Baby had the skin prick tests. Baby is allergic to eggs, milk, wheat, dairy, nuts and more. Dear breast-feeding friend is suddenly on a restrictive diet, tired, weepy, overwhelmed. Now isn’t that reason enough for me to get my recipe-concocting hat out of the cupboard? Even if it means going back on my, ‘I’m not blogging any more’ word?

You know, you really shouldn’t take me at my word.

Sweet E and baby Z, these ‘Going-Back-on-My-Word Jammy Biscuits’ are for you. I wish I didn’t have to make them for you, but until our babies grow out of their allergies, or a vaccine is developed, (yep, I’m still clutching at any straw that comes along), I hope the biscuits and the blog help.

Going-back-on-my-word Jammy Biscuits (Makes approximately 15 biscuits, well, probably more)
So these are not quick to make, but worth the effort for special occasions (going back to blogging, that kind of thing). I like putting a genteel dollop of jam in the love heart, but my sugar fiend of a daughter insists that they should be completely sandwiched together with jam. Give both ways a try and see what you think. You'll need a large heart shape, and a small heart shape to cut out the inner bit

For GF version:
40g potato starch or cornflour (corn starch)
1/2 tsp xanthan gum
230g dairy free spread
130g sugar
1 tsp vanilla essence
1-2 tbsp rice milk
Jam for sandwiching purposes
If using wheat flour:
Substitute the first three ingredients above for 335g of white flour
the rest of the ingredients remain the same (including the xanthan gum)
  • Pre-heat the oven to 170 degrees celsius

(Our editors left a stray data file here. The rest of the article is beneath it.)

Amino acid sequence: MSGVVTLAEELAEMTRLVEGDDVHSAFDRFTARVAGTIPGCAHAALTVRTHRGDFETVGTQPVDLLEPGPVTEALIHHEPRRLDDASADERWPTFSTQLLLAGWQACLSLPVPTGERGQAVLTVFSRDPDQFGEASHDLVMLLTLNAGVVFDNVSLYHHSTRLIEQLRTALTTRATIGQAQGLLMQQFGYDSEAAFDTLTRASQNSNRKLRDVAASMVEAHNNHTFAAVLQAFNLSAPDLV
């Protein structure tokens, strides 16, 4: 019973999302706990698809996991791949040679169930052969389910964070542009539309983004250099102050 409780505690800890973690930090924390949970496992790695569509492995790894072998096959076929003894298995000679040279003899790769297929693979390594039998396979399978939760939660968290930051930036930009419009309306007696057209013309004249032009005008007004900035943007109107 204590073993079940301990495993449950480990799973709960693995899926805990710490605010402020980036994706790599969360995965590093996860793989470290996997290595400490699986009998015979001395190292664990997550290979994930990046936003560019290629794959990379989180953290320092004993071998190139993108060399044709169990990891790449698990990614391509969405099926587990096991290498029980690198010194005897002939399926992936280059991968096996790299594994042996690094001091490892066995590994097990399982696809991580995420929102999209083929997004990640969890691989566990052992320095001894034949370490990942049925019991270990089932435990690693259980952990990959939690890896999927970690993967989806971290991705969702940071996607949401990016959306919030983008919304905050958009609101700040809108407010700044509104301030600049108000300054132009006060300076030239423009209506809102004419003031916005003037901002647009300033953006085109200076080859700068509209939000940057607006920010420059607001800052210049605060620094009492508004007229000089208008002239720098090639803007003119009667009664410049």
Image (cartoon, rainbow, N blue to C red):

• Place the dairy-free spread and sugar into a large mixing bowl, and using a wooden spoon squidge and bash it about a bit until it starts to combine into a dough
  • Add the flour(s) and xanthan gum and mix it into the fat and sugar with the spoonWhen you get fed up of using the spoon, dive in with your hands and squidge it through your fingers. You might want to think of a particularly horrible ex as you squeeze and pummel the dough
  • Add the vanilla essence, squidge again until it is all combined. It is quite a sticky dough, so use the rice milk to dampen your hands, it will help you bend the dough to your will
  • When you have a ball of dough, you can chill it at this point for up to twelve hours. But if you're up against the clock, move right along to the next stage
  • Divide the dough in half and flour a wooden board with rice flour (or wheat flour if using). Start to roll out the dough. You'll need to keep picking up the dough at the beginning to make sure it doesn't stick to your board. Keep adding rice flour and hoping for the best
  • Roll out the flour to a thickness of approximately 4mm
  • Using your large heart shape, stamp out two large hearts. Then using your littlest heart, stamp out a small heart shape from one of the large hearts. Are you following? Shall I say heart again?
  • Now to the jammy bit. Place the heart with the small heart shape cut out of it on top of the large heart. Press down a bit on the edges to stick them together
  • Then very daintily take a teaspoon of jam and ease it into the little heart shape. Don't overfill as it will spread during cooking. If you agree with my daughter and want to add more jam, before you stick the biscuits together, cover the bottom biscuit with jam, then place the heart with the small heart shape cut out on top. Bit complicated to explain that, hope you're keeping up
  • Repeat the process until all the dough is used up, then place your babies into the oven for about 15 minutes, or until they are golden brown. Watch them though, make sure they don't burn. They may take longer depending on your oven, mine's very temperamental (French)
  • Allow the biscuits to cool and the jam to set. Please don't try them when they're hot, the hot jam will take the skin off your lips
  • Enjoy them, but don't feed them to your puppy, that will encourage poor eating habits and it'll forever be begging when you eat. I do hate that in a dog

© Pig in the Kitchen 2009